Conditions had improved. The sea had settled down to big rolling waves which are much easier to swim in. I was enjoying myself again even though the skies were still cloudy but the rain had settled down to a drizzle again. Finished the leg to discover that we were making progress again and if we could keep that up then we might be able to make a 16 hour crossing, but we needed to get past a certain point before the tide pulled us too far South West, and past the Cap.
Unfortunately LJS had an awful leg. Sea conditions were worsening again and he had been suffering with sea sickness from the end of his first leg. He came out of the water in a bad state where the cold and lack of nutrition had got to him. The decision was made that he was not in a fit state to swim again and it was at that point that we knew we weren’t going to make it.
When ITB finished her leg the pilot allowed me back in the water again as it was good practice for my solo attempt next year, but unless I did a stonking leg we were going to miss the Cap and then we were looking at a long, long swim before landing. There was the possibility of continuing with just ITB and myself, but it would not be classed as an official crossing, so I felt obligated to give it my best shot so that ITB could reach land if possible.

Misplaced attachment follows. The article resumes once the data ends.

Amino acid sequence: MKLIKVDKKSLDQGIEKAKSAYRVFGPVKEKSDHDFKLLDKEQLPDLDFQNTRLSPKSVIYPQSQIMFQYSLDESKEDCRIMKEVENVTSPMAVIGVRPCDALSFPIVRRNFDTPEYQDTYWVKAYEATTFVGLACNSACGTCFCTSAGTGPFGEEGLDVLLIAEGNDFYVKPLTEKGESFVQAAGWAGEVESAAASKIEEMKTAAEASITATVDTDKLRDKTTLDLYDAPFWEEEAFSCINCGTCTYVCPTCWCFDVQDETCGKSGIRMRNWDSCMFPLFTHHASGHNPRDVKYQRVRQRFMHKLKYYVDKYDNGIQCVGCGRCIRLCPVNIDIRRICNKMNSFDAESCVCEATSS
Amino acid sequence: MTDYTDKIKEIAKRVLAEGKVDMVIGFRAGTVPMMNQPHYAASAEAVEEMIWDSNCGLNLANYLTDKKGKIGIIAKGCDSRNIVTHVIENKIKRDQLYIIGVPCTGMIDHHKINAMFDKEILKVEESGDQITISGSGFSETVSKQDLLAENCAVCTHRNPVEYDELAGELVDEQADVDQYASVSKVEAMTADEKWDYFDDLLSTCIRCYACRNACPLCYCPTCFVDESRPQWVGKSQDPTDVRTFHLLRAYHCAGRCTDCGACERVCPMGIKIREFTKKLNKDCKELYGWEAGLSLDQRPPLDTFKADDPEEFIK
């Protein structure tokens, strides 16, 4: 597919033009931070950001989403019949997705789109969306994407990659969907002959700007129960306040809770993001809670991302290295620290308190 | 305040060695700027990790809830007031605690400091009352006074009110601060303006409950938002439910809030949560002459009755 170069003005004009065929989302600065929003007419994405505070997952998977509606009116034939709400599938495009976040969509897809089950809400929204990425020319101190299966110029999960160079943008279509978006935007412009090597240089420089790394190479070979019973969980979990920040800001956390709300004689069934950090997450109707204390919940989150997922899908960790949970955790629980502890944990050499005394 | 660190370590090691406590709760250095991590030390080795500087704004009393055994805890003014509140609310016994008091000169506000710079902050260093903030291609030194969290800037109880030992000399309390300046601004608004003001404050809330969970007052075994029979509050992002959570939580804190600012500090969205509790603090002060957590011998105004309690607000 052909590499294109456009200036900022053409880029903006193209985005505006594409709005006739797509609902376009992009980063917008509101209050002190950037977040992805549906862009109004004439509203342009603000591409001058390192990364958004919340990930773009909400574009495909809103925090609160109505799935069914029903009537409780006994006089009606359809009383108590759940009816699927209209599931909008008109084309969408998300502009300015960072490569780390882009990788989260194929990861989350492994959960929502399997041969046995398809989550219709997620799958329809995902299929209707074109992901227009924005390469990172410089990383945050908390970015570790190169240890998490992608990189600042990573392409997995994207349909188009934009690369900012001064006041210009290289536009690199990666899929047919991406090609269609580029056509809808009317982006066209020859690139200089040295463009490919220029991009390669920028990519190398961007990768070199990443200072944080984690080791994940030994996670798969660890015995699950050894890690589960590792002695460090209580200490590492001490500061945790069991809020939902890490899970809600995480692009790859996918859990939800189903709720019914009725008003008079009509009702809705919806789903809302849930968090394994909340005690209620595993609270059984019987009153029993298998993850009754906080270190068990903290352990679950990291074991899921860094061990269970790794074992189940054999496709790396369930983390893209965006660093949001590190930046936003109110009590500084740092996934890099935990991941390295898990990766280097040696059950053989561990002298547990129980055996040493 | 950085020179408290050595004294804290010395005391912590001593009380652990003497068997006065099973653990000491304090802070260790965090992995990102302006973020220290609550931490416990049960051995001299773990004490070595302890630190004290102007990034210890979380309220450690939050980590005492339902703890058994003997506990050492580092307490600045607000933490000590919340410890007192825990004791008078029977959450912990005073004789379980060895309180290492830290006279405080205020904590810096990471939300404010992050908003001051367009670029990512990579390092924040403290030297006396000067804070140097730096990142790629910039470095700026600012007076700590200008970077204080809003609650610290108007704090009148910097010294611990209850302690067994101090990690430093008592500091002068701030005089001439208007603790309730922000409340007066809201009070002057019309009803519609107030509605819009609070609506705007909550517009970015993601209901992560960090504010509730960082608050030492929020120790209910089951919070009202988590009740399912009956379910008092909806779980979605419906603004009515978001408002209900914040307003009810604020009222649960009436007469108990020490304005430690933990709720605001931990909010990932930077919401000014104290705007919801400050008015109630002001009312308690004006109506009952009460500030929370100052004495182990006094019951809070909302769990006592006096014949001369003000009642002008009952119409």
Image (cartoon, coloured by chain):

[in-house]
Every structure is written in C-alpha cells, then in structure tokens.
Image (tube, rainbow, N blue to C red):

Once again I had to give myself a good talking to before I could get in. Each leg it was getting harder, which I know is stupid because experience should tell me that nothing bad happened on each of the other entries so I had no reason to believe that anything bad would happen on this one.
I entered the water and gave it all I had. The conditions were not too bad but it was getting very dark due to dense cloud cover and night beginning to draw in. Not much to report other than it was hard work and my shoulders were screaming at me. When I saw Ray lowering the steps without ITB being on the side ready to get in, I knew that it was all over.